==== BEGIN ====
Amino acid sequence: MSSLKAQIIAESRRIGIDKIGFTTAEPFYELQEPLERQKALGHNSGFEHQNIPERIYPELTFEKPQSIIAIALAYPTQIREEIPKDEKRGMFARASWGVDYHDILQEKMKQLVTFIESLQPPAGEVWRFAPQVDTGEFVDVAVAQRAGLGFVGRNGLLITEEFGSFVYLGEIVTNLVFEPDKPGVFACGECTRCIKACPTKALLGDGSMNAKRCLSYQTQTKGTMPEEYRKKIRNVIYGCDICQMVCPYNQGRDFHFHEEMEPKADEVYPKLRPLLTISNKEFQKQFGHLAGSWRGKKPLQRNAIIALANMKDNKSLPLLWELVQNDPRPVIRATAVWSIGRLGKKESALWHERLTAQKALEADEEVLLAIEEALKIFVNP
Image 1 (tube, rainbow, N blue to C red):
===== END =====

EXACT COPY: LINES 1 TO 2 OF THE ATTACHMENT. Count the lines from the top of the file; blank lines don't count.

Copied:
Amino acid sequence: MSSLKAQIIAESRRIGIDKIGFTTAEPFYELQEPLERQKALGHNSGFEHQNIPERIYPELTFEKPQSIIAIALAYPTQIREEIPKDEKRGMFARASWGVDYHDILQEKMKQLVTFIESLQPPAGEVWRFAPQVDTGEFVDVAVAQRAGLGFVGRNGLLITEEFGSFVYLGEIVTNLVFEPDKPGVFACGECTRCIKACPTKALLGDGSMNAKRCLSYQTQTKGTMPEEYRKKIRNVIYGCDICQMVCPYNQGRDFHFHEEMEPKADEVYPKLRPLLTISNKEFQKQFGHLAGSWRGKKPLQRNAIIALANMKDNKSLPLLWELVQNDPRPVIRATAVWSIGRLGKKESALWHERLTAQKALEADEEVLLAIEEALKIFVNP
Image 1 (tube, rainbow, N blue to C red):